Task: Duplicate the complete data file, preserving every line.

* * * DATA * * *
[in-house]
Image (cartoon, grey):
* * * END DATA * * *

[in-house]
Image (cartoon, grey):